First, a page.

Since returning to power late last year, the Liberal Democratic Party has said it will dismantle some of the social programs the Democratic Party of Japan implemented during its short reign.
Education Minister Hakubun Shimomura announced at the end of January that he will introduce a new shogakkin system for high school and university students from low-income families. Shogakkin is usually translated as “scholarship,” but students in Japan who receive them have to pay them back. The new system will distribute grants, but its main purpose is to upend the April 2010 DPJ law that made all public high schools tuition-free, since the scholarship scheme is tied to a proposed income-based graduated tuition program. Practically everyone in Japan goes to high school but it is not compulsory, so the LDP doesn’t think the government should have to pay for it. Still, the tuition waiver is popular, so if the LDP is going to weaken it the government has to compensate somehow, otherwise it will look as if it is discriminating against a certain class of children for the sake of cutting the budget.
However, the LDP is clearly discriminating against one group of children as part of its economic sanctions against North Korea. Shortly after assuming his post in December, Shimomura announced that the government would not extend the DPJ tuition waiver program to schools affiliated with the General Association of Korean Residents, or Chongryon, the de facto representative of Pyongyang in Japan since Tokyo has no diplomatic relations with North Korea. Actually, the DPJ hadn’t approved Chongryon schools for the waiver, either. It was studying their curricula to ascertain if they adhered to the same educational guidelines as Japanese schools do, but after North Korea attacked a South Korean island in November 2010, killing two South Korean soldiers, the DPJ effectively shelved the study, so students of Chongryon high schools still have to pay tuition while those attending other international schools don’t. All Shimomura’s announcement did was make the exclusion explicit. He said that because of these schools’ relationship to Chongryon, it is difficult to convince the Japanese public that their students should qualify for the tuition waiver given that “there has been no progress” in resolving the North Korean abduction issue.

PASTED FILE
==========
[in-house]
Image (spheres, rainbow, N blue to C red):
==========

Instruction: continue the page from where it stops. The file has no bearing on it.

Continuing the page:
In a recent editorial, the Kochi Shimbun describes Shimomura’s rationale as a dodge. Pointing out that there is no relationship between the issue of Chongryon schools receiving government subsidies and North Korea’s abduction of Japanese nationals in the 70s and 80s, the newspaper accuses the ruling party of expressing its enmity toward people with North Korean passports by passing the buck to a vague, faceless citizenry. Shimomura said the decision to withhold subsidies was based on 30,000 comments his ministry received from average people. According to Tokyo Shimbun, 15,846 said that Chongryon schools should not receive the subsidy, while 14,164 said they should. Does a 53 percent majority represent the will of the people? And since this issue applies to children’s basic education, which is supposedly guaranteed by the constitution, should it?